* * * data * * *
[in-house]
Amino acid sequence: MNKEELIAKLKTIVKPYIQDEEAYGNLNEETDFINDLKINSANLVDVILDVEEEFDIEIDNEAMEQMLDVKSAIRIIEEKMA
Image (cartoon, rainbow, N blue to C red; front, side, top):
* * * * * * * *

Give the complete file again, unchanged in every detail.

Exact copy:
[in-house]
Amino acid sequence: MNKEELIAKLKTIVKPYIQDEEAYGNLNEETDFINDLKINSANLVDVILDVEEEFDIEIDNEAMEQMLDVKSAIRIIEEKMA
Image (cartoon, rainbow, N blue to C red; front, side, top):